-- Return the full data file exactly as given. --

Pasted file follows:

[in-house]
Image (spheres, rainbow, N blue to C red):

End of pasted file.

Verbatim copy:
[in-house]
Image (spheres, rainbow, N blue to C red):